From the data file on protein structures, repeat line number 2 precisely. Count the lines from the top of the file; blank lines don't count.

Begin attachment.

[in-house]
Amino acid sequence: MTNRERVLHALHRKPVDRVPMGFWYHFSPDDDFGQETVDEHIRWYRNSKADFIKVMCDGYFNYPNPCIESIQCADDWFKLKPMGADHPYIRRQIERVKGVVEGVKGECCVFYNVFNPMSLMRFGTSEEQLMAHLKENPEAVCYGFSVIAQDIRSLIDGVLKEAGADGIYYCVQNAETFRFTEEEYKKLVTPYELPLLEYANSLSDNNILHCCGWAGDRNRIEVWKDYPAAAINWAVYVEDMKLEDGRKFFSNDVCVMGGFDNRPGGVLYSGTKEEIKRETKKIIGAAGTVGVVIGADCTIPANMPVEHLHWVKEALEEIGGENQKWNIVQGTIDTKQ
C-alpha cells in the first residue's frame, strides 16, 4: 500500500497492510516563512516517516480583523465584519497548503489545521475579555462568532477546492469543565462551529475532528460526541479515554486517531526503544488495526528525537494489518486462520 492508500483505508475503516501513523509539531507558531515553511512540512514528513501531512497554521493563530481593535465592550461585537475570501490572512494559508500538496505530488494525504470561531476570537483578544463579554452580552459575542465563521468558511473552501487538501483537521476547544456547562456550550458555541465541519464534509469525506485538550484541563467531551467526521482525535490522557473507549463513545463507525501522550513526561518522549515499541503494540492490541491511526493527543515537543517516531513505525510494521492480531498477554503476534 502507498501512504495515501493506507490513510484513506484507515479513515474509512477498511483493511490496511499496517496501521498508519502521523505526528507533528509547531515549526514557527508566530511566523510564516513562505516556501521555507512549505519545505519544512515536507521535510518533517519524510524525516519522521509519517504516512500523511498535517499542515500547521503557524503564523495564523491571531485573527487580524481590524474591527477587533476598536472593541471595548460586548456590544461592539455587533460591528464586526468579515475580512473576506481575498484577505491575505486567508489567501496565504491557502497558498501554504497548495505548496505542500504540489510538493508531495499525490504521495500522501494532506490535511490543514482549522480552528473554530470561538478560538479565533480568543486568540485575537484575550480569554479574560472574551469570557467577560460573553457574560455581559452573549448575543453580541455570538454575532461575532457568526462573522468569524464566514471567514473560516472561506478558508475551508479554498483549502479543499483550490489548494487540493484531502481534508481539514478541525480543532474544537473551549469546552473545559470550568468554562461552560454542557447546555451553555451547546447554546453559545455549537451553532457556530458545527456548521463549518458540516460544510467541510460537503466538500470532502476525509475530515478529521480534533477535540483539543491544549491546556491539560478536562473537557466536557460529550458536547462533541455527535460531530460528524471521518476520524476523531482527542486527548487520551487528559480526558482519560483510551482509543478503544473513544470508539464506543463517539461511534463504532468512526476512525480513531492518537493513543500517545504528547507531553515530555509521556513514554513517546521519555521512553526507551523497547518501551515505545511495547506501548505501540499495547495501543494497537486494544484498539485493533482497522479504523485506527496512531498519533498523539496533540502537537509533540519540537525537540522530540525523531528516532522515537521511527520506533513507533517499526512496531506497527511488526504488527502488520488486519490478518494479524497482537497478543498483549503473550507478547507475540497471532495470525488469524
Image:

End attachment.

Amino acid sequence: MTNRERVLHALHRKPVDRVPMGFWYHFSPDDDFGQETVDEHIRWYRNSKADFIKVMCDGYFNYPNPCIESIQCADDWFKLKPMGADHPYIRRQIERVKGVVEGVKGECCVFYNVFNPMSLMRFGTSEEQLMAHLKENPEAVCYGFSVIAQDIRSLIDGVLKEAGADGIYYCVQNAETFRFTEEEYKKLVTPYELPLLEYANSLSDNNILHCCGWAGDRNRIEVWKDYPAAAINWAVYVEDMKLEDGRKFFSNDVCVMGGFDNRPGGVLYSGTKEEIKRETKKIIGAAGTVGVVIGADCTIPANMPVEHLHWVKEALEEIGGENQKWNIVQGTIDTKQ